(612c) Evolution of Modular Networks through Optimal Sparse Control

Authors: 
Daoutidis, P., University of Minnesota, Twin Cities
Constantino, P., University of Minnesota
Tang, W., University of Minnesota, Twin Cities
Modularity is ubiquitous in biological networks. However, the understanding of its evolutionary origins remains an open problem in biology. The modelling of biological networks as dynamical systems has allowed the application of control theory to their related problems. Understanding the effect of network topology on its controllability or control performance helps to explain the emergence of different topological features in biological networks and provides principles of designing networked systems. In many natural and artificial systems, networks have sparse topology and are controlled by sparse feedback controllers. Therefore, here we postulate a control cost which comprises of a control performance term and a control sparsity term. We then hypothesize that the minimization of such a control cost can favor network modularity.

To test this hypothesis, we consider Laplacian networks with different topological features and we formulate and solve an optimal control problem, examining the trade-off between control performance and the sparsity of the network and the controllers. When we only allow to vary the sparsity cost of the controller we observe that for moderate and high feedback costs the networks with lowest overall cost are modular and centralized ones, respectively [1, 2]. When we allow to vary (and thus optimize with respect to) both the network and the controller, we observe that with increasing sparsity, modular and hierarchical network features along with distributed and hierarchical control architectures become the optimal features [3]. Finally, we implement genetic algorithms of network populations using the total control cost as the fitness function for natural selection. Our results suggest that blind random mutations do not create modular networks, even though they offer the optimal fitness from a control perspective. However, mutation schemes combining up to 80% of random mutations and 20% of mutations that maximize the diffusion of biological information effectively increase the average modularity of the population [4].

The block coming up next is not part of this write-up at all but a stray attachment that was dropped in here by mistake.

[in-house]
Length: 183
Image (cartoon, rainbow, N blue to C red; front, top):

We conclude that control performance and controller sparsity are important factors in the evolution of modularity, especially when the evolutionary mechanism is non-gradualistic, such as observed in developmental biology. These findings offer a plausible hypothesis on the role of modularity in the evolution of biological networks.

References

[1] Tang, W., Daoutidis, P. (2018) The role of community structures in sparse feedback control. Proceedings of the American Control Conference 2018 1790-1795.

[2] Constantino, P.H., Tang, W., Daoutidis, P. (2018) Topology Effects on Sparse Control of Complex Networks with Laplacian Dynamics. Scientific Reports – under review.

[3] Tang, W., Constantino, P.H., Daoutidis, P. (2019) Optimal sparse network topology under sparse control in Laplacian networks. Proceedings of the 8th IFAC Workshop on Distributed Estimation and Control in Networked Systems – submitted.

[4] Constantino, P.H., Daoutidis, P. (2019) A control perspective on the evolution of biological modularity. Proceedings of the 5th IFAC Conference on Intelligent Control and Automation Sciences – submitted.